Taiwan Center for Mandarin Learning enriches Prague's cultural landscape

The center will help people learn a language used by over a billion people and also familiarize themselves with the culture of Taiwan.

Expats.cz Staff

Written by Expats.cz Staff Published on 15.08.2023 14:00:00 (updated on 15.08.2023) Reading time: 2 minutes

A significant stride in cross-cultural education began earlier this year when the Taiwan Center for Mandarin Learning opened its doors in Prague. With a dual purpose of teaching the intricacies of the Mandarin language and fostering Taiwanese heritage, this establishment is a milestone in fortifying cultural and educational ties between Taiwan and the Czech Republic.

Among many people, there is still a common misunderstanding that there is a single language known as Chinese. The two most prominent languages among Chinese people are Mandarin and Cantonese, each with distinct traits. Mandarin is the official language of both Taiwan and the People's Republic of China, together boasting over a billion speakers. Cantonese flourishes in the Guangdong region of China and in Hong Kong, as well as in some overseas Chinese communities. Its tonal system sets it apart from Mandarin.

The Taiwan Center for Mandarin Learning offers a range of Mandarin courses for beginners and advanced learners, including intensive language courses, business Chinese, and Chinese proficiency test preparation courses. The library provides a wide range of traditional Chinese books and resources for students and scholars to learn and explore. So far, 66 Taiwanese Mandarin Learning Centers have been set up worldwide, including six in Europe.

Language is not only a conduit for communication, it is also an embodiment of a nation's identity and distinctiveness. Within this framework, Mandarin serves as an alternative linguistic journey for learners in Czechia. The center is scheduled to hold classes in both Prague and Brno and welcomes customized courses for like-minded partners.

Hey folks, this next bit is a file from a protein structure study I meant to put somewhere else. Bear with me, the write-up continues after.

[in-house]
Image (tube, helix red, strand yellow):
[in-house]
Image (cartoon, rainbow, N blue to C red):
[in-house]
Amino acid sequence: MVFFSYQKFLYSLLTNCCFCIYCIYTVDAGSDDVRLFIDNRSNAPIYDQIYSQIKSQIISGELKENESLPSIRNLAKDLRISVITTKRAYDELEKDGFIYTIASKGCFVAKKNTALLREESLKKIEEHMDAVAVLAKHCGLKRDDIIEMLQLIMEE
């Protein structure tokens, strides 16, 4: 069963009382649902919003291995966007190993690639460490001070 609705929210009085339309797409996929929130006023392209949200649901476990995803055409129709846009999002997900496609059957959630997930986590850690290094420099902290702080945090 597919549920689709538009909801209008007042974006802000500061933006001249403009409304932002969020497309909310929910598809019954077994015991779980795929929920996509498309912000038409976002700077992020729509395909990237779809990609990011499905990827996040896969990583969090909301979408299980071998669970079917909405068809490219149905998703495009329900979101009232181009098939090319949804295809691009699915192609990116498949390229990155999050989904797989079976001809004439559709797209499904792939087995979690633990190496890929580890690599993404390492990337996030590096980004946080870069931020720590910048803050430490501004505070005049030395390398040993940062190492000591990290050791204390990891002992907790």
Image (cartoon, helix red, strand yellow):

Plans also include holding cultural events such as presentations of Taiwanese films, calligraphy, and art. On Sept. 12 at Hudební divadlo Karlín, the public can see a visual spectacle of Taiwanese performers showcasing the age-old traditional acrobatic form of Diabolo. The purpose of the free performance is to introduce the hidden beauty of Taiwan, apart from its well-known technological advancements.

The establishment of the center will likely enhance cultural and educational cooperation between Taiwan and the Czech Republic. The center and library aim to promote Taiwanese culture and traditional Chinese characters in the Czech Republic while also providing an additional language learning option for Czech friends.

The Taiwanese Mandarin Learning Center is committed to providing high-quality education and resources to students and scholars in Prague. It is hoped that through the center and library’s efforts, the friendship and cooperation between Taiwan and the Czech Republic will continue to grow in the years to come.

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